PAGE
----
IGNOU B'lore centre logs highest student pass

IGNOU B'lore centre logs highest student pass

IGNOU B'lore centre logs highest student pass

The regional centre of Indira Gandhi National Open University (IGNOU) in Bangalore has secured the distinction of having the highest number of candidates to have passed in the southern region for this year.


This was revealed by Dr M S Parthasarathy, Director, Bangalore regional centre, IGNOU, on the sidelines of the 27th convocation of the university here on Wednesday.

Also, of the over 140 gold medals handed out to toppers in various programmes and from centres across the country, three were from the regional centre in the City.

A total of 5,439 candidates collected their certificates (both in person and in absentia) at the convocation ceremony.

“This is the highest number to have passed out from the centre’s history since its inception 17 years ago,” said Dr M S Parthasarathy, director, Bangalore regional centre, IGNOU. 

The convocation ceremony was held simultaneously across the country. In Delhi, the ceremony was presided by Vice Chancellor M Aslam and Ashok Thakur, Secretary, Department of Higher Education, Ministry of Human Resource Development.

Sailaja Pinninty, who has been teaching English at Sri Kumaran School for the past 20 years, bagged a gold medal for her one-year Diploma in Creative Writing.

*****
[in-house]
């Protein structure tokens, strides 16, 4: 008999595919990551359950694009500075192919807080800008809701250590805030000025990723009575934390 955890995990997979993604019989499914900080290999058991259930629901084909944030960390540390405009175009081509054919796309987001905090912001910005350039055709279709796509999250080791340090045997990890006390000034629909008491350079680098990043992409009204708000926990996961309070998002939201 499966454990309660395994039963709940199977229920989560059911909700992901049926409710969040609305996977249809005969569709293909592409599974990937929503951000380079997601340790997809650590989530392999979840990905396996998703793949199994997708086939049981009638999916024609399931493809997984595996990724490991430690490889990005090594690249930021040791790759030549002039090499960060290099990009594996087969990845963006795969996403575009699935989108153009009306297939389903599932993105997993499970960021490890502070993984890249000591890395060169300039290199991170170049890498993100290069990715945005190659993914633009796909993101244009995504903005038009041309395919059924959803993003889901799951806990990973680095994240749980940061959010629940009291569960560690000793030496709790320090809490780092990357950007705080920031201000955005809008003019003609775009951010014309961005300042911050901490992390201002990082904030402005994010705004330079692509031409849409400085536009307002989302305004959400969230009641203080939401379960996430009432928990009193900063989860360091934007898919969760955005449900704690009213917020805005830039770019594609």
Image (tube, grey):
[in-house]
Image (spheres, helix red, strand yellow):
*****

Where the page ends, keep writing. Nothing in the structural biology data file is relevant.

“It was on my daughter’s insistence that I took the course. I have been writing short stories and poetry since my schooldays, but did not take my craft seriously. Now with this gold medal, I cannot give my daughter any excuses,” she said.

Besides her daughter, who is studying MSc (psychology) at Central University, Hyderabad, Sailaja’s husband and mother have been a pillar of support,  encouraging her every step.

The two other gold medalists collected their medals in absentia. They were Girish Kumar M N for his PG Diploma in Information Security, and Supriya Devi Gopinath for her PG Dipolma in Women’s and Gender Studies.

Along with three gold medallists, the achievement of Puneeth S Kikkeri, who passed out with BA in English, is also unique in its own way. Puneeth suffered severe brain damage at the age of six after a fall.

“He was not able to use his hands and legs and even had problems speaking after the fall. In fact, he was not able to communicate well for a few years,” said Gayathri, Puneeth’s mother.

She left her job as a teacher at a college to look after her son. The process of recuperating has been gradual and Puneeth is still confined to a wheelchair.

Asked what he wants to do next, Puneeth replies: “I want to stand on my own two feet and be independent. I want to also start working,” he said. Puneeth secured a second division with more than 50 per cent marks.